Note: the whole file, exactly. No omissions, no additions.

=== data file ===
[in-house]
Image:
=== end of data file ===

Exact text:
[in-house]
Image: